Puja majored in molecular and cellular biology at the University of Arizona and graduated summa cum laude. She then attended Mayo Medical School in Rochester, Minnesota, where she was involved in a variety of clinical research projects. Her publications span a wide range of topics, from the effects of calcium supplementation on bone mineral density in children in Nigeria to the relationship of asthma to breakthrough varicella infections. During her time in the Boston Combined Residency Program in pediatrics, Puja’s research interests focused on the intersection of clinical oncology and palliative care. She was awarded a Lovejoy grant to create a formalized curriculum for pediatric residents, with the aim of teaching fundamental clinical and communication skills to increase resident comfort in the care of patients at the end-of-life. Puja’s ongoing work with Kira Bona, MD, MPH, and Joanne Wolfe, MD, MPH, seeks to better understand disparities in the end-of-life care received by pediatric oncology patients across racial, ethnic, and socioeconomic groups. After residency, she completed the Harvard Interprofessional Palliative Care fellowship prior to starting her oncology training.

    Franziska Wachter

    Franziska Wachter, MD

    Residency: Boston Combined Residency Program
    Research Interests: Structural and chemical biology and drug development

    Franziska (Franzi) was raised in a small village in Northern Bavaria. She obtained her MD from Ludwig Maximilians University in Munich, Germany, and conducted her doctoral research at the German National Center for Environment and Health, where she studied mechanisms of chemoresistance including the influence of p53 reactivation responses to the extrinsic apoptotic pathway agonist, TRAIL. Franzi then completed her postdoctoral training in the laboratory of Loren Walensky, MD, PhD, which focuses on interrogating BCL-2 family protein biology through the lens of structural and chemical biology. Her particular areas of study comprised investigating inhibitory mechanisms of the pro-apoptotic effector protein BAX as well as identifying and characterizing BAX activators identified in a NMR-based fragment screen. She also validated the on-target mechanism of a p53 reactivating stapled peptide drug that is currently in clinical trials. Her research to date has led to 13 publications including four first-author papers. She was previously a Boston Combined Residency Program resident in the Integrated Research Pathway and worked with Scott Armstrong, MD, PhD, on characterizing resistance mechanism of chromatin modulating therapeutics. Franzi spent several months in Ethiopia and established objective structured exams for medical students. She trained midwives in Sierra Leone in the use of a low cost device to reduce maternal deaths caused by hemorrhage.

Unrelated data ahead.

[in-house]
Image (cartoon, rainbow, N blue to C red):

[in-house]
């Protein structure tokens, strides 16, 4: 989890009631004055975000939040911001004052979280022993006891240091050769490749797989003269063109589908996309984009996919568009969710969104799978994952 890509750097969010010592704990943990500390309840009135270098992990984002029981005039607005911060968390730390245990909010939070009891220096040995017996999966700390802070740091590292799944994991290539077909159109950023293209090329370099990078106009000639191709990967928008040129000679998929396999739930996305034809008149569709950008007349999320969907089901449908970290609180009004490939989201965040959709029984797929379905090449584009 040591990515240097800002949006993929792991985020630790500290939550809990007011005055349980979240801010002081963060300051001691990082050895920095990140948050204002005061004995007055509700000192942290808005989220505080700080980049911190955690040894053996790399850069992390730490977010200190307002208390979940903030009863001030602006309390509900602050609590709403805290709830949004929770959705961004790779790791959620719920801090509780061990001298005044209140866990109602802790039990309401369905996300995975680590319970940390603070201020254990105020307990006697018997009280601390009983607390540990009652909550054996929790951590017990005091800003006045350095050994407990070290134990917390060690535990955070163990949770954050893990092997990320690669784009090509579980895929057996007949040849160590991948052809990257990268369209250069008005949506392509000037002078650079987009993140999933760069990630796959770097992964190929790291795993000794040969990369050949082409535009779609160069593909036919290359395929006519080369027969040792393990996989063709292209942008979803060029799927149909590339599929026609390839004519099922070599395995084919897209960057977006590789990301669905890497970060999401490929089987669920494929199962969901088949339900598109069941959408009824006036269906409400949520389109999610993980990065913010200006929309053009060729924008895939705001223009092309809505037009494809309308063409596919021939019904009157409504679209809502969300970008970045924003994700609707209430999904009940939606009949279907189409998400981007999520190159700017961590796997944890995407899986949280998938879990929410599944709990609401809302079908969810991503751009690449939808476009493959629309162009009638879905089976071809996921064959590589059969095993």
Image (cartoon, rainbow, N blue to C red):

Nina Weichert-Leahey

    Nina Weichert-Leahey, MD

    Residency: Boston Combined Residency Program
    Research Interests: Epigenetics in solid tumors